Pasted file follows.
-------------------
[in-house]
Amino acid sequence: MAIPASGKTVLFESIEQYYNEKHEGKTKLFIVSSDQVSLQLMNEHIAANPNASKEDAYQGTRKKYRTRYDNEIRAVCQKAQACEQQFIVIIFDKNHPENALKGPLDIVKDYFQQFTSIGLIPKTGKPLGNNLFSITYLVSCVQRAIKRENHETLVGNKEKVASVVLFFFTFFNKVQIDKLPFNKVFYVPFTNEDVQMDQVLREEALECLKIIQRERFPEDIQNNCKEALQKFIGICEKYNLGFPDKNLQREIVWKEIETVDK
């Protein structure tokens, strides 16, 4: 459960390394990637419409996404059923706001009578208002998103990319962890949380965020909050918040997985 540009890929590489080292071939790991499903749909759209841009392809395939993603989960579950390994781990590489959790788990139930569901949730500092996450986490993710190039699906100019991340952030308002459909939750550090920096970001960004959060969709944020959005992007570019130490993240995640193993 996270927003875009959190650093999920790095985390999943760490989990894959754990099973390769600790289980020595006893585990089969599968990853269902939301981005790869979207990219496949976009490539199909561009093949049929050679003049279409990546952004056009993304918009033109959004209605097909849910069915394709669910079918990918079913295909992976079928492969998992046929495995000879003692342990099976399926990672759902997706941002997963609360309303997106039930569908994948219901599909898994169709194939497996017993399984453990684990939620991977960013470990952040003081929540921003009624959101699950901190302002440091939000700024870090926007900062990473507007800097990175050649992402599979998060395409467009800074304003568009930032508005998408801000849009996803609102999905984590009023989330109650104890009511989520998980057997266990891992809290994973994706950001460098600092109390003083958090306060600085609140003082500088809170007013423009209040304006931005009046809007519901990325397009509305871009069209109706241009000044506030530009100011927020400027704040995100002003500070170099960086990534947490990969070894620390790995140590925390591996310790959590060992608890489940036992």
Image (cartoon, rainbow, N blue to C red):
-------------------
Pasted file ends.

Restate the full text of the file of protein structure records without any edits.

[in-house]
Amino acid sequence: MAIPASGKTVLFESIEQYYNEKHEGKTKLFIVSSDQVSLQLMNEHIAANPNASKEDAYQGTRKKYRTRYDNEIRAVCQKAQACEQQFIVIIFDKNHPENALKGPLDIVKDYFQQFTSIGLIPKTGKPLGNNLFSITYLVSCVQRAIKRENHETLVGNKEKVASVVLFFFTFFNKVQIDKLPFNKVFYVPFTNEDVQMDQVLREEALECLKIIQRERFPEDIQNNCKEALQKFIGICEKYNLGFPDKNLQREIVWKEIETVDK
């Protein structure tokens, strides 16, 4: 459960390394990637419409996404059923706001009578208002998103990319962890949380965020909050918040997985 540009890929590489080292071939790991499903749909759209841009392809395939993603989960579950390994781990590489959790788990139930569901949730500092996450986490993710190039699906100019991340952030308002459909939750550090920096970001960004959060969709944020959005992007570019130490993240995640193993 996270927003875009959190650093999920790095985390999943760490989990894959754990099973390769600790289980020595006893585990089969599968990853269902939301981005790869979207990219496949976009490539199909561009093949049929050679003049279409990546952004056009993304918009033109959004209605097909849910069915394709669910079918990918079913295909992976079928492969998992046929495995000879003692342990099976399926990672759902997706941002997963609360309303997106039930569908994948219901599909898994169709194939497996017993399984453990684990939620991977960013470990952040003081929540921003009624959101699950901190302002440091939000700024870090926007900062990473507007800097990175050649992402599979998060395409467009800074304003568009930032508005998408801000849009996803609102999905984590009023989330109650104890009511989520998980057997266990891992809290994973994706950001460098600092109390003083958090306060600085609140003082500088809170007013423009209040304006931005009046809007519901990325397009509305871009069209109706241009000044506030530009100011927020400027704040995100002003500070170099960086990534947490990969070894620390790995140590925390591996310790959590060992608890489940036992």
Image (cartoon, rainbow, N blue to C red):